HIRE PURCHASE – or HP – has always been a favourite method of funding of cars and vans for UK small businesses.
It is a peculiarly British method of finance. It combines the immediate cash-flow benefits of car leasing with the opportunity to buy the vehicle outright for a nominal fee at the end of the agreed term. Hire Purchase suits the British motorists’ preference to have title to their car or van after a period of paying for it.
Hire Purchase in brief
- Often referred to as HP
- Purchase a car or van with monthly finance instalments
- Nominal option to buy the vehicle comes at the end of the agreement
- You own the car or van at the end of the HP agreement
- Liked for its flexibility
When Monks Data canvassed a number of small businesses to find out why they had a preference for hire purchasing their vehicles some 67% of responders gave “cost effectiveness” as the main reason. “Ease of administration” came second.
Less stress on company capital
One lender explained: “Companies’ cashflow benefits from hire purchase since they do not need to use their cash resources to make a capital outlay for the purchase price of the asset up front. As a lender we are usually flexible over the initial deposit we require. Just as importantly, the vehicle can be generating income for the company whilst it is being paid for.”
He added: “There are a number of ways in which small businesses feel they can handle hire purchase better than other finance methods. For a start, they can budget easier since the payments structure is agreed at the outset. Then they can match payments to the depreciation of the vehicle. They can claim immediate capital allowances on the vehicle and the interest element of the payments is tax deductible. Funding is on balance sheet and companies can have a choice of fixed or variable interest rate agreements.”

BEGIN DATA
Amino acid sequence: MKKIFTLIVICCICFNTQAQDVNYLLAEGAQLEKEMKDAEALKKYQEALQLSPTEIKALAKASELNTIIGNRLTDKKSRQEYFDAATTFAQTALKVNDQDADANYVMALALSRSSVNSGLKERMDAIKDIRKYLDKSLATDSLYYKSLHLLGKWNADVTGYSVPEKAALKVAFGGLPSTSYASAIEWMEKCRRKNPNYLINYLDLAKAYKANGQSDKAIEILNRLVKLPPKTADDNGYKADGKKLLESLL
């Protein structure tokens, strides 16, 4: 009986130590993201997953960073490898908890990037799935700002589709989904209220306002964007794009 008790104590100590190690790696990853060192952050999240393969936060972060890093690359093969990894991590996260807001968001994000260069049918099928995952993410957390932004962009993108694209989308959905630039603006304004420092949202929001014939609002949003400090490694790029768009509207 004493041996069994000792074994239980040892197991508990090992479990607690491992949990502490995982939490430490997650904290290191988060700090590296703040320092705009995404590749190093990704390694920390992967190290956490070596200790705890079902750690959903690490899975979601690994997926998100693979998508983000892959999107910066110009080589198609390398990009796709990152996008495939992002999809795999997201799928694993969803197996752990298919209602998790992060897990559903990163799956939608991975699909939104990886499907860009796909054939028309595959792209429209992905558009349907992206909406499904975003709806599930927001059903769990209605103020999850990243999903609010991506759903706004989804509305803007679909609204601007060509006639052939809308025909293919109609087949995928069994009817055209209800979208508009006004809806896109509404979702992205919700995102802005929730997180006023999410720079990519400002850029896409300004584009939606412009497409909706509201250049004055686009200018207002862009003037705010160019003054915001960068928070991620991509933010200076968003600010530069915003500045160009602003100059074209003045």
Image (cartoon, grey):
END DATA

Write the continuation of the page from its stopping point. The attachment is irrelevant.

Colin Tourick,Grant Thornton Professor of Automotive Management at the University of Buckingham and a management consultant added:
“For most people, Hire Purchase is simply a method of buying a vehicle on deferred payment terms. They don’t consider they are hiring something at all. Hence the client is normally called the ‘buyer’ rather than ‘hirer’ and the payments are called ‘instalments’ or ‘payments’ rather than ‘rentals’.
“TheHire Purchase agreement will give you the option to buy the vehicle for a nominal ‘bargain’ amount. Unlike conditional sale, the right to buy is an option and not a contractual obligation. Normally, you will pay the option amount and take title.”
A normal hire purchase payment pattern will be one payment which is then followed by 35 or 47 equal monthly payments starting one month following the start of the finance agreement.
Flexibility of Hire Purchase appeals
Another main attraction of hire purchase is the flexibility for companies to end their HP agreement early. If this decision is selected, termination can be done simply by advising the finance company in writing and returning the vehicle. The hirer will then normally be liable to pay half the amount due under the agreement, less the payments already made.
It is this great flexibility of Hire Purchase that has made it popular with point-of-sale finance – such as at car dealers. At the same time many motor dealers are becoming expert at guiding small businesses to select the product that best suits their needs.
Is there a disadvantage to Hire Purchase?
Hire purchase gives you ownership of your business company car which means it’s on your company’s books. But that does mean that when you want to sell, you will be subject to used car price fluctuations at the time of selling.
There are other forms of lower repayments methods that come with a balloon payment element – such as lease purchase, contract purchase and so on – which could help cash flow, and these are not available on Hire Purchase.
But nevertheless, Hire Purchase remains very popular, particularly in the business van market where Hire Purchase allows flexibility on mileage and length of ownership.
And it’s that flexibility that is so valued by small businesses.